Kidney And Urologic Diseases

Cloudy Urine when to Worry

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"Cloudy Urine when to Worry"
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Cloudy urine has many potential causes. Some of these causes are more serious than others, making it important to understand when you need to seek medical attention.

Normal urine comes in many colors. It typically varies from clear (like water) to a dark amber color. The exact shade of urine is a function of many different factors, including your level of hydration, what you've eaten lately and medications you are taking among other things. Changes in urine color and clarity can often be worrisome, especially when combined with other urinary symptoms, such as increased frequency and pain or burning on urination.

The most common cause of cloudy urine is completely harmless. Excess phosphate crystals have the ability to build up in your urine. These crystals will then precipitate, making your urine cloudy. This generally happens after eating a large meal. It can also happen after drinking milk, which is high in phosphate. You can test to see if your urine cloudiness is due to phosphates. Simply take a small sample of your urine and drop a bit of acetic acid (vinegar) in to it. If it is phosphates, the urine will become completely clear immediately.

Vaginal discharge is a common cause of cloudy urine in women. This can be either due to normal vaginal secretions, or due to abnormal vaginal discharges. Vaginal discharge can have literally dozens of different causes.

Pus in the urine can cause cloudiness. However, it's important to understand that pus is usually a symptom of some other problem, such as a urinary tract infection or something like gonorrhea. Kidney infections, known as pylonephritis can cause puss and cloudiness of the urine as well. Pylonephritis will almost always be associated with flank pain, pain on urinating as well as fever and general symptoms of infection.

Bladder infections, known as cystitis, can cause cloudy urine. In these cases the cloudiness is usually due to white blood cells (leukocytes) in the urine, which are a response to the infection. A quick urine dipstick test at the doctors office can establish the presence of white cells in the urine. Most cases of cystitis have other symptoms as well. These can include a feeling of urgency, frequent urination, pain or burning on urinating, abdominal pain, and even fever or chills.

Kidney stones can also be a cause of cloudy urine. In this case, you will almost invariably be more concerned about the extreme pain caused by the stone than the color of your urine. As someone who has had three kidney stones in the past, I can assure you that the color and quality of my urine was about the last thing on my mind at the time. When the stone passes, the urine should clear up pretty quickly, although the lack of pain will be the more noticeable.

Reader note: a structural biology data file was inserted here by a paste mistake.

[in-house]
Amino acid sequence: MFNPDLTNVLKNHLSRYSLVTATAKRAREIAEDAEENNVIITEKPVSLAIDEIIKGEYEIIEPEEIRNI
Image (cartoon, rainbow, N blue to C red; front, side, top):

Among the more concerning causes of cloudy urine is proteinuria. This is a condition where there is excess protein in the urine, causing it to become cloudy. There are many causes of proteinuria, some of which can be quite serious. Several types of kidney problems can cause proteinuria, as well as high blood pressure. All of the possible causes of excess protein in your urine must be investigated by your doctor. Of course, only your doctor will be able to determine that the cloudiness is in fact protein, so by the time you get that part worked out, your doctor will already be involved.

In women who are pregnant, proteinuria is one of a series of symptoms that leads to a diagnosis of pre-eclampsia. This can be a very serious problem most commonly encountered in the 2nd and 3rd trimester of the pregnancy. Proteinuria combined with high blood pressure is a worrisome combination in pregnancy and needs to be evaluated by your doctor immediately.

For men, a infection of the prostate (prostatitis) can be a cause of cloudy urine. When the prostate gland gets infected, it can become quite tender. Prostatitis almost always includes more general symptoms such as fever and chills, as well as the typical urinary symptoms of frequency, pain and urgency of urination. It is important to note that prostatitis is NOT associated in any way with prostate cancer.

It's worth mentioning sexually transmitted diseases again, although I touched on gonorrhea previously. Gonorrhea is a common cause of cloudy urine. This excess discharge is due to the inflammatory response from the infection, including white blood cells.

Lastly there is the issue of finding blood in the urine. Bloody in the urine can often make the urine appear cloudy and not specifically red, especially if the quantity of blood is small. It is important to note that blood in the urine is ALWAYS abnormal and needs to be looked in to by a doctor. Women who are menstruating can often confuse red urine with normal menstruation, so care must be used in those cases to determine if the blood in a urine sample actually originated in the urinary tract or not. Blood coming from the urinary tract has literally hundreds of possible causes, all of which should be seen by a doctor.

If you experience a case of cloudy urine, it's important to talk to your doctor about the possible causes. As you can see, there are many causes, some of which can be quite series, while others are more "normal". It can often be hard to differentiate the dangerous from the benign at home. Ask your doctor if you have any concerns. Also, bear in mind that your doctor is likely to want a fresh urine sample if you go in to be seen, so be sure to ask how to provide this when you are making your appointment (it's usually best provided in the office, but not in all cases).

More about this author: Erich Rosenberger M.D.

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